ESM7090 - Case Law: Narich Pty. Limited v The Commissioner of Pay-roll Tax
 ICR 286
Point at issue
This is an Australian case that was decided by the Judicial Committee of the Privy Council. Judgments of the Judicial Committee in Commonwealth cases have no value to UK law where the points at issue only concern interpretation of statute of the Commonwealth country. However, they are of relevance where general law principles are considered.
The point at issue was whether lecturers engaged to conduct weight watching classes were employees or not.### Facts
Narich Pty. Limited (“Narich”) owned franchises throughout Australia of Weight Watchers International Inc. Under the terms of the franchises Narich organised weight watching classes. It chose and trained the lecturers for those classes and remunerated them for the lectures given. The lecturers had formal written contracts with Narich. The Privy Council also had regard to the terms of the Franchise Agreement between Narich and Weight Watchers and the terms of the Weight Watchers Lecturers’ handbook, which contained detailed instructions as to how various subjects were to be taught.
The lecturer’s contract and other documentation was comprehensive and the effect of the contract was to impose a number of obligations on every lecturer as to the manner in which the lecture was to be conducted. Coupled with the right to terminate, the court found that Narich was able to control not only the allotted task but also the manner in which it was performed.### Decision
The conclusion reached by the Privy Council was that lecturers were tied hand and foot by the contract with regard to the manner in which work is performed and, consequently, the lecturers were employees.### Commentary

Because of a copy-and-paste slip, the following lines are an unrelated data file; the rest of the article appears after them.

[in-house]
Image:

In Lord Brandon’s judgment, he refers to three principles of law referred to in the case of Australian Mutual Provident Society v Chaplin and Another  18 ALR 385. The first principle referred to was
“that, subject to one exception, where there is a written contract between the parties whose relationship is in issue, a court is confined, in determining the nature of that relationship, to a consideration of the terms, express or implied, of that contract in the light of the circumstances surrounding the making of it: and it is not entitled to consider also the manner in which the parties subsequently acted in pursuance of that contract. The one exception to the rule is that, where the subsequent conduct of the parties can be shown to have amounted to an agreed addition to, or modification of, the original written contract, such conduct may be considered and taken into account by the court.”
The first principle mentioned in the case i.e. that you have regard only to the express or implied terms of a written contract in determining employment status, still applies.
However, the terms of many contracts are not in writing and, even if they are, they are not comprehensive. The agreed oral terms can only be discovered by speaking to the parties. Where the terms are not express (written or oral), then the courts will look to see whether any terms can be implied by the conduct of the parties, by custom and practice etc.